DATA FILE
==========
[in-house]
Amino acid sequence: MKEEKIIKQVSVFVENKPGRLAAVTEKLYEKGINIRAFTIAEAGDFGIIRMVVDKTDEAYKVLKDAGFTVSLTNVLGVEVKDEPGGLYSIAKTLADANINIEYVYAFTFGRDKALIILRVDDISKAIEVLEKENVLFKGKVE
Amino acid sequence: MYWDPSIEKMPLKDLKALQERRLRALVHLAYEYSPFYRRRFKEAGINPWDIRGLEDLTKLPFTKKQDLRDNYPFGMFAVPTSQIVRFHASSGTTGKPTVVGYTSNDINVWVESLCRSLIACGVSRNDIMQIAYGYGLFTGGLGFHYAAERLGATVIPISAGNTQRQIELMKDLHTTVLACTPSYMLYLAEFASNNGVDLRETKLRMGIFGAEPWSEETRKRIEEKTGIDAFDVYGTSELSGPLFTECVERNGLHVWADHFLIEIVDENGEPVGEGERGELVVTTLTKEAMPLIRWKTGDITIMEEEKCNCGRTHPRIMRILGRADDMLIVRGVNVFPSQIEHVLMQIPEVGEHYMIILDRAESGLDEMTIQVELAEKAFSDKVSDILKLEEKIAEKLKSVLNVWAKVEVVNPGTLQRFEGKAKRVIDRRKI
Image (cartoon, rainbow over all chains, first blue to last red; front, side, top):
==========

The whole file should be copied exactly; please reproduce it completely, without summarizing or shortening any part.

[in-house]
Amino acid sequence: MKEEKIIKQVSVFVENKPGRLAAVTEKLYEKGINIRAFTIAEAGDFGIIRMVVDKTDEAYKVLKDAGFTVSLTNVLGVEVKDEPGGLYSIAKTLADANINIEYVYAFTFGRDKALIILRVDDISKAIEVLEKENVLFKGKVE
Amino acid sequence: MYWDPSIEKMPLKDLKALQERRLRALVHLAYEYSPFYRRRFKEAGINPWDIRGLEDLTKLPFTKKQDLRDNYPFGMFAVPTSQIVRFHASSGTTGKPTVVGYTSNDINVWVESLCRSLIACGVSRNDIMQIAYGYGLFTGGLGFHYAAERLGATVIPISAGNTQRQIELMKDLHTTVLACTPSYMLYLAEFASNNGVDLRETKLRMGIFGAEPWSEETRKRIEEKTGIDAFDVYGTSELSGPLFTECVERNGLHVWADHFLIEIVDENGEPVGEGERGELVVTTLTKEAMPLIRWKTGDITIMEEEKCNCGRTHPRIMRILGRADDMLIVRGVNVFPSQIEHVLMQIPEVGEHYMIILDRAESGLDEMTIQVELAEKAFSDKVSDILKLEEKIAEKLKSVLNVWAKVEVVNPGTLQRFEGKAKRVIDRRKI
Image (cartoon, rainbow over all chains, first blue to last red; front, side, top):